It’s easiest to employ the password_needs_rehash() function in the user login script because I have access to the old password hash and the plain-text password at the same time.

Password Hashing API for PHP < 5.5.0

If you cannot use PHP 5.5.0 or newer, fear not. You can use Anthony Ferrara’s ircmaxell/password-compat component. It implements all of these PHP password hashing API functions:

§  password_hash()

§  password_get_info()

§  password_needs_rehash()

§  password_verify()

Ferrara’s ircmaxell/password-compat component is a drop-in replacement for the modern PHP password hashing API. Include the component in your application with Composer and you’re off and running.

Dates, Times, and Time Zones

Working with dates and times is hard. Pretty much every PHP developer has, at one time or another, made a mistake working with dates and times. This is precisely why I recommend you do not manage dates and times on your own. There are too many considerations to juggle, including date formats, time zones, daylight saving, leap years, leap seconds, and months with variable numbers of days. It’s too easy for your own calculations to become inaccurate. Instead, use the DateTime, DateInterval, and DateTimeZone classes introduced in PHP 5.2.0. These helpful classes provide a simple object-oriented interface to accurately create and manipulate dates, times, and timezones.

Set a Default Time Zone

The first thing you should do is declare a default time zone for PHP’s date and time functions. If you don’t set a default time zone, PHP shows an E_WARNING message. There are two ways to set the default time zone. You can declare the default time zone in the php.ini file like this:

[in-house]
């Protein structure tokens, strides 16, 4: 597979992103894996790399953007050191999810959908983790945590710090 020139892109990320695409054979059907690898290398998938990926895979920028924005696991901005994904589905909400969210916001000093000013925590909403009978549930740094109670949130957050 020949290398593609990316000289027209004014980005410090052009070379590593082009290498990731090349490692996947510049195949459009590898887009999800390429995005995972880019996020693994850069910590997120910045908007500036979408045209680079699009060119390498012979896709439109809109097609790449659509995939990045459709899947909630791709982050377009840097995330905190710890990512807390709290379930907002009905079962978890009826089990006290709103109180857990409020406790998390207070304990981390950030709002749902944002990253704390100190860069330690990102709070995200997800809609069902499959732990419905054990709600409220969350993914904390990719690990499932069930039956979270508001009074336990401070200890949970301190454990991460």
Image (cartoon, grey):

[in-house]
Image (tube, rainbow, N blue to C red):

date.timezone = 'America/New_York';

You can also declare the default time zone during runtime with the date_default_timezone_set() function (Example 5-9).

Example 5-9. Set default timezone

<?php

date_default_timezone_set('America/New_York');

Either solution requires a valid time-zone identifier. You can find a complete list of PHP time-zone identifiers at http://php.net/manual/timezones.php.

The DateTime Class

The DateTime class provides an object-oriented interface to manage date and time values. A single DateTime instance represents a specific date and time. The DateTime class constructor (Example 5-10) is the simplest way to create a new DateTime instance.

Example 5-10. The DateTime class

<?php

$datetime = new DateTime();

Without arguments, the DateTime class constructor creates an instance that represents the current date and time. You can pass a string argument into the DateTime class constructor to specify a custom date and time (Example 5-11). The string argument must use one of the valid date and time formats listed at http://php.net/manual/datetime.formats.php.